Two articles published from the Nottingham Fatigue After Stroke (NOTFAST) study shed light on having fatigue six months after having a stroke.
Although stroke survivors have reported fatigue as a problem, previous estimates of the numbers of people affected have varied greatly – from one-quarter to almost three-quarters of stroke survivors.
Beyond impaired language function, people with aphasia report a range of psychosocial health problems which negatively affect their wellbeing, including reduced confidence and social isolation. These psychosocial problems are not adequately addressed by healthcare services.
The Stroke Association is holding this workshop to set the priorities for vascular dementia research in the UK.
Stroke survivors and healthcare professionals have identified problems with thinking and mood after stroke as some of the most important issues faced after a stroke. This Lectureship aims to test treatments to help stroke survivors with their cognitive (thinking) difficulties.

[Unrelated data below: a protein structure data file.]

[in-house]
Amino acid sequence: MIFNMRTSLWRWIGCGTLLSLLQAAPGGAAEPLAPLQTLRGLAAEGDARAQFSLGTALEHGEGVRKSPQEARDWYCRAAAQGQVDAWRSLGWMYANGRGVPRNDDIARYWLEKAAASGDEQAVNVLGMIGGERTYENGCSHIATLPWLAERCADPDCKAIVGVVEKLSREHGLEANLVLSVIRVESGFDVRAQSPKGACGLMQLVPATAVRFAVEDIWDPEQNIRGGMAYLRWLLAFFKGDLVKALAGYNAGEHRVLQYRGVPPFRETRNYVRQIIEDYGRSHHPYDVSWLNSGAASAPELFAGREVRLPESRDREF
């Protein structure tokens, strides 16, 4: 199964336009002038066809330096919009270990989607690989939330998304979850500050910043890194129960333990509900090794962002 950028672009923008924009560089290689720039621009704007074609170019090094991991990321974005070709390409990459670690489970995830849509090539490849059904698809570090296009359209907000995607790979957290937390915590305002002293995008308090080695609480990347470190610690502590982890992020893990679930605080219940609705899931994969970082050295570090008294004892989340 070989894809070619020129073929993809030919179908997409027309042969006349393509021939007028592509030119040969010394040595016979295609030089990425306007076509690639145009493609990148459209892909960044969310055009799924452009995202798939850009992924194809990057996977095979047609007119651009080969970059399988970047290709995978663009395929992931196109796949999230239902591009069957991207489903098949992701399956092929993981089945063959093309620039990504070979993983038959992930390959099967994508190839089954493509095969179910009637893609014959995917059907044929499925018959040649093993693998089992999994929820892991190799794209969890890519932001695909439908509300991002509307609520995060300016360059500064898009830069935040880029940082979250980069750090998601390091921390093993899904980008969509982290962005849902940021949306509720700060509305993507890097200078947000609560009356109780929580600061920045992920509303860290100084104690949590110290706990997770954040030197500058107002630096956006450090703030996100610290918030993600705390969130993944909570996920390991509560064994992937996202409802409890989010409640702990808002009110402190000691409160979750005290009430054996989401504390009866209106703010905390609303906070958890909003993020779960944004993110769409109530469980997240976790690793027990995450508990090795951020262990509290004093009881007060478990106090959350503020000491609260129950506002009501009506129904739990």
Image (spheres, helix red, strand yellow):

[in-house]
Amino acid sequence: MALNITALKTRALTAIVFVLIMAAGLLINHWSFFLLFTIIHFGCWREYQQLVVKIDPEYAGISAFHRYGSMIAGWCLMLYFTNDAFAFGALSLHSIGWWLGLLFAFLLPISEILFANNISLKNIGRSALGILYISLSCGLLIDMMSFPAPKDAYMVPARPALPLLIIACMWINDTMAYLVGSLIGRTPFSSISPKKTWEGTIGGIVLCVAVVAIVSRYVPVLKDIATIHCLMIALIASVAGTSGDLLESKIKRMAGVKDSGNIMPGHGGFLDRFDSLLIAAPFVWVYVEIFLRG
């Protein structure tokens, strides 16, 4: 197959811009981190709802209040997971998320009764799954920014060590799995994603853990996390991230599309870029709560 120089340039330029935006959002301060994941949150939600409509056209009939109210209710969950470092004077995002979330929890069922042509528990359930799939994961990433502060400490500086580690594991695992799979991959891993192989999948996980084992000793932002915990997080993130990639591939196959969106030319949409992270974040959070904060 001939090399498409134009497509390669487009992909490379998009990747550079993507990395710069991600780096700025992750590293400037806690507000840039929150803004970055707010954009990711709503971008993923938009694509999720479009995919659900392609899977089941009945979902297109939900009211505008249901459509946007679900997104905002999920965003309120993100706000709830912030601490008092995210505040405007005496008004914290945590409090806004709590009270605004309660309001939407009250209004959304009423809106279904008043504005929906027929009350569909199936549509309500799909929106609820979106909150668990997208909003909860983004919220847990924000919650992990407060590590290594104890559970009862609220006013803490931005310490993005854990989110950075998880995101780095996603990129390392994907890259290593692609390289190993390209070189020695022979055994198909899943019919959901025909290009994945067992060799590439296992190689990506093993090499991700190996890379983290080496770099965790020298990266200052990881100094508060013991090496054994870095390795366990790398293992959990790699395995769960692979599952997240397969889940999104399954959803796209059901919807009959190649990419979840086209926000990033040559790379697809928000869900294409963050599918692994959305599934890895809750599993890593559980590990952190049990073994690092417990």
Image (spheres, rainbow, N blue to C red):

MR CLEAN is a Dutch trial that investigated treatment of a severe form of ischaemic stroke (blockage type stroke) with thrombolysis alone (dissolving a clot with clot-busting drugs), versus treatment with both thrombolysis.
Pilot trial of devices to extract clot from occluded arteries (PISTE)
‘Supported self-management’ is the help and support offered to stroke survivors and their families after they have left hospital. This research will look at what does and doesn’t work to help stroke survivors and their families to self-manage.
The purpose of this research is to adapt an existing group psychological support course to make it suitable for stroke.